New parcels must not be created for double-fenced ditches, (unless under agri-environmental management).

Double-fenced ditches that are purely created to prevent access to the watercourse from one point to another are not deemed as agricultural parcels.

These areas must become unregistered land, so a Land Maintenance Form must be submitted.

This is an example of mapping rule 8.

Example D

Example E: Domestic garden sites

New parcels must not be created for domestic garden sites. These areas are not deemed as agricultural parcels. These areas must become unregistered land so a Land Maintenance Form must be submitted.

This is an example of mapping rule 6.

Land owners and managers may wish to use these areas for grazing, but this land does not meet the definition of an agricultural parcel, and cannot be used to support a subsidy claim.

Example E

Example F: Parcel boundary is a dyke

As the fences are up against the dyke, if you find that there is only one Ordnance Survey line then the boundary can be left where it is.

This is an example of mapping rule 10.

Example F

Example G: Parcel boundary is on the centre of the hedge

Where you find a protected hedge that is currently the parcel boundary and the protecting fence is within three metres of the centre of the hedge then ignore the fence.

This is a United Kingdom derogation granted by the European Commission that allows newly-established hedges that will form the boundary time to mature.

Where the distance is greater than three metres then the fence must be mapped and the area beyond it considered. If the hedge is currently paid for under an agri-environment scheme then the area must be given its own Land Parcel Identifier, so a Land Maintenance Form must be submitted.

Example G

Example H: Internal stock-proof fence (1)

In this case, the current parcel boundary is on the right, on the far-left dyke.

Example H

Working from the centre of the field outwards, as there is an identifiable boundary a new Land Parcel Identifier must be created along the fence. So a Land Maintenance Form must be submitted.

This is an example of mapping rule 4.

Example H

The area between the old and new parcel boundary must be considered now to see if it can be deemed an agricultural parcel. This is an example of mapping rule 5.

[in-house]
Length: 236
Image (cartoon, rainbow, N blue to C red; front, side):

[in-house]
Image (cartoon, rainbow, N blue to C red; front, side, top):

• is the area's main purpose agricultural? Yes
  • does it have a definable boundary on all sides? Yes
  • is it greater than 0.1 hectares in size? Yes
  • is it under current agri-environmental management? n/a

In this case the area is used for agriculture, it is greater than 0.1 hectares and has a clearly identifiable boundary, therefore the area becomes a new Land Parcel Identifier. This should be requested in the Land Maintenance Form submitted to move the boundary.

Example I: Internal stock-proof fence (2)

In this case, the parcel boundary, for the parcel on the left, is on the edge of the road.

Example I

Working from the centre of the field outwards, as there is an identifiable boundary a new Land Parcel Identifier must be created along the fence and so a Land Maintenance Form must be submitted.

This is an example of mapping rule 4.

Example I

The area between the old and new land parcel boundary must be considered now to see if it can be deemed an agricultural parcel.

This is an example of mapping rule 5.

  • is the area's main purpose agricultural? No
  • does it have a definable boundary on all sides? No
  • is it greater than 0.1 hectares in size? n/a
  • is it under current agri-environmental management? No

In this case the area is non-agricultural land as it is a roadside verge and it does not have a definable boundary on all sides. Therefore this area will become unregistered land. In the Land Maintenance Form submitted to move the boundary, you should ask to have the area between the new boundary and the old boundary made unregistered land as it does not meet the criteria to be a land parcel.

Example J: Internal stock-proof fence (3)

In this case, the Land Parcel Identifier boundary (blue line) is on the water's edge.

Example J

Working from the centre of the field outwards, there is a stock-proof boundary that protects a managed water margin (red line).

This is an example of mapping rule 4.

Example J

As the red line is a stock-proof boundary, it must be mapped as the new parcel boundary. This is an example of mapping rule 5. Therefore the area beyond it must now be considered.

  • is the area's main purpose agricultural? No
  • does it have a definable boundary on all sides? Yes
  • is it greater than 0.1 hectares in size? n/a
  • is it under current agri-environmental management? Yes

In this case the area is not agricultural but is part of the agricultural business's agri-environmental management scheme, therefore a new Land Parcel Identifier should be created for the area between the red and blue lines and a Land Maintenance Form submitted.

Example K: Double-fenced hedge

In this case, the Land Parcel Identifier boundary is on the original fence (right-hand side).

Example K

Where you find a protected hedge that is against the land parcel boundary and the protecting fence is within three metres of the boundary then ignore the protecting fence.

Where the distance is greater than three metres then the fence must be mapped and the area beyond it (the hedge area between the two fences) considered. If the hedge is currently paid under the Agri-Environment Climate Scheme, then the area must be given its own Land Parcel Identifier, so a Land Maintenance Form requires to be submitted.

If not part of a Scottish Rural Development Programme scheme, it should be made unregistered land.

These are examples of mapping rule 9.

Summary of the Land Parcel Information System boundary rules and protected hedges

Protected hedges